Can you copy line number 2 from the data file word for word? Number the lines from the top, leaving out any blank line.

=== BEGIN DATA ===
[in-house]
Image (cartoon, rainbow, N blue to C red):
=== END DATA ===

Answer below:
Image (cartoon, rainbow, N blue to C red):